“We don’t do black magic,” says Haitian Vodou healer Manbo Katy. “We do white magic. That is cleaner and holier.”
Katy is the subject of a new short documentary by Broadly, directed by Academy Award-nominated filmmaker Lucy Walker. In the years since the 2010 Haiti earthquake, which displaced more than a million people, the priestess has worked to bring both spiritual and physical healing to her community, while carrying on the centuries-old tradition of Vodou worship.
In the film, Katy describes her vocation as a Vodou manbo, or priestess, while taking viewers through the practices and beliefs of the often-misunderstood religion.
Vodou was developed by African ethnic groups that were enslaved and brought to colonial Haiti, formerly Saint-Domingue, by Roman Catholic missionaries in the 16th and 17th centuries. Vodou means “spirit” or “deity” in the Fon language of what is now Benin.
A fundamental principle of Vodou is that humans live side by side with lwa, or spirits, as well as mystè (mysteries), anvizib (the invisibles), zanj (angels), and ancestor spirits. During ceremonies, Vodou priests and priestesses honor and commune with the spirits by chanting, dancing, offering prayers and performing certain rites.
As the Broadly documentary depicts, spirit possession also plays an important role in Vodou rituals, during which the Iwa are believed to actually enter the healers’ bodies.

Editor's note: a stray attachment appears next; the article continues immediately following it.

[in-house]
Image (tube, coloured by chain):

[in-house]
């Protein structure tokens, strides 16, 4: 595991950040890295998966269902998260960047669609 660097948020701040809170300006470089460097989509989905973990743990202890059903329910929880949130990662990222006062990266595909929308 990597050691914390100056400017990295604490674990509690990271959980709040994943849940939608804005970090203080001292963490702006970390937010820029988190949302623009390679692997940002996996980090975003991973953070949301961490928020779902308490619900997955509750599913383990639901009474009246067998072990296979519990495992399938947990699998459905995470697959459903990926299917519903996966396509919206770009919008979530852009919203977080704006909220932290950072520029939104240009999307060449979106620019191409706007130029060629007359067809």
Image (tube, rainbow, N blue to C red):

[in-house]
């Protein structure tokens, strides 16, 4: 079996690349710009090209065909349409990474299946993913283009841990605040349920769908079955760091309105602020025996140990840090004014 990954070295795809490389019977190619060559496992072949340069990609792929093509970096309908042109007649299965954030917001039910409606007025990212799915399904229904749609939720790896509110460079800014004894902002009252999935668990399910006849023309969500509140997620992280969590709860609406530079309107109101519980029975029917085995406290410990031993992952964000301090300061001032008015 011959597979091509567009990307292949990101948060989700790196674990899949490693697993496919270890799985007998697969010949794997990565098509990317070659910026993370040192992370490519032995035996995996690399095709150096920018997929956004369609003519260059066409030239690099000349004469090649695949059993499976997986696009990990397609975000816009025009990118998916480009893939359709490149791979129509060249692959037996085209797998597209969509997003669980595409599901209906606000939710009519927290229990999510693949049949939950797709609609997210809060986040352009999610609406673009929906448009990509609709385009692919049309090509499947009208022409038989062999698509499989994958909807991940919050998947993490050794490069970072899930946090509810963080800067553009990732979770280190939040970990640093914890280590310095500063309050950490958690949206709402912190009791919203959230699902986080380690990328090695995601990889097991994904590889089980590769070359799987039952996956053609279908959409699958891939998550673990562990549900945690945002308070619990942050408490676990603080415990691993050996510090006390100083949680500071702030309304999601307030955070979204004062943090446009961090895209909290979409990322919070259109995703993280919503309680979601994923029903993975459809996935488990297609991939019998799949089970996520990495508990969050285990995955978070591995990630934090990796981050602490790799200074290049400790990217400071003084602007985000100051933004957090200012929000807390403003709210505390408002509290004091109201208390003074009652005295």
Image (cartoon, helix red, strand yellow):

“When the spirit enters me, it enters with a force. When the force is done entering, my normal spirit, Katy’s spirit, has left me,” Katy says.
In the film, Katy and her fellow healers prepare for and conduct a celebration of the dead. Between ceremonies, Katy fulfills her role as healer by offering food, shelter, friendship and support to those in her community. At times there are dozens of people filling the rooms and halls of her Port-au-Prince home.
Interwoven with Katy’s narration are stories from members of the priestess’s community who lost homes, loved ones and livelihoods in the 2010 earthquake. One woman says that in the wake of the disaster people were forced to dig mass graves for the dead, unable to carry out Vodou funeral rites.
As a Vodou priestess, Katy says, “I’m always there for everyone. Even when their problems seem overwhelming, I always let them know that one day things will change.”
“There is a proverb that says, ‘As long as there is life, there is hope,’” she adds. “I have to give them hope, because hope gives them life.”